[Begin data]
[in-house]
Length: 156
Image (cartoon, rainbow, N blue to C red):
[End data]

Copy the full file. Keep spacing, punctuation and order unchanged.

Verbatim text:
[in-house]
Length: 156
Image (cartoon, rainbow, N blue to C red):